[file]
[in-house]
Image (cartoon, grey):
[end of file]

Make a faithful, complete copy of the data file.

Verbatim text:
[in-house]
Image (cartoon, grey):